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The Energy Balance of Soybean Oil Biodiesel Production: A Review of Past Studies

Published by the American Society of Agricultural and Biological Engineers, St. Joseph, Michigan

Citation:  Transactions of the ASABE. 51(1): 185-194. (doi: 10.13031/2013.24203) @2008
Authors:   A. Pradhan, D. S. Shrestha, J. Van Gerpen, J. Duffield
Keywords:   Biodiesel, Economic analysis, Energy balance, Life cycle analysis, Net energy ratio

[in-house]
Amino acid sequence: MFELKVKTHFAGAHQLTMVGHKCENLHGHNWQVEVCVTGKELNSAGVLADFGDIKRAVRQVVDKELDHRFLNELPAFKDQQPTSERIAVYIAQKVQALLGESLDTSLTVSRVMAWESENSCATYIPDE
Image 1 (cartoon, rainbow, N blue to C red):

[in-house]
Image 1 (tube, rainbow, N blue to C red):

Although several studies have found biodiesel to be a renewable source of energy, there has been a claim that it is not. This article investigates models used to calculate the net energy ratio (NER) of biodiesel production to point out the reasons for the contradictory results, compares their strengths and weaknesses, and proposes a uniform model for interpretation of the final result. Four commonly referenced models were compared for their assumptions and results. The analysis revealed that the most significant factors in altering the results were the proportions of energy allocated between biodiesel and its coproducts. The lack of consistency in defining system boundaries has apparently led to very different results. The definitions of NER used among the models were also found to be different. A unified model is proposed for biodiesel energy analysis to answer the renewability question. Using the unified boundary, a range of probable NERs was calculated using bootstrapping. The mean NER on a mass basis was 2.55 with a standard deviation of 0.38. The economic sustainability ratio (ESR) is defined as the monetary value ratio of biodiesel to biodiesel's share of the energy inputs. The average ESR was found to be 4.43 with a standard deviation of 0.6.

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